The lost potential of Gallipoli’s sacrifice remembered

The legacy of James Drummond Burns was memorialised in story and knitted poppies. Pictures: MIKAYLA VAN LOON.

By Mikayla van Loon

Over 100 years have passed since the beginning of World War I but the memory of the Anzacs, particularly those who fought and died at Gallipoli remain in the hearts of many.

Remembering the soldiers who both died on the front and those who returned changed, a sunset gathering of the community at the Lilydale Memorial Park on Tuesday 16 April was a sign of respect in an early Anzac Day service.

This was the second time the Greater Metropolitan Cemeteries Trust (GMCT) hosted a commemorative service, with eastern region operations general manager Phil Snow thanking all those who recognised the importance of the service.

“Your attendance is a testament to the significance of the Anzac legacy and the ongoing acknowledgement of the sacrifices of the past,” he said.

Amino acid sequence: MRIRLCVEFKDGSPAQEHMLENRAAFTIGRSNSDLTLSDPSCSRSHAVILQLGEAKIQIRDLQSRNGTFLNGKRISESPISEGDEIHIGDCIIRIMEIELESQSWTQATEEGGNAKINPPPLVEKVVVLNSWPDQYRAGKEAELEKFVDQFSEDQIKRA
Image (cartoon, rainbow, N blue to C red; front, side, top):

“Most importantly, I welcome those here today and their families who have served and will continue to serve the name of our country. We say thank you.”

Honouring the stories of those who served in Gallipoli was a large feature of commemorations.

Civil celebrant Tracey O’Conner led the way, speaking of Major Vivien Benjafield who served as a surgeon in the Australian Army Medical Corps.

Major Benjafield was known for keeping detailed diary notes throughout his service and in the days leading up to the Gallipoli landing he wrote, “Apparently there is every prospect of this being a walkover for our troops, but we do not know.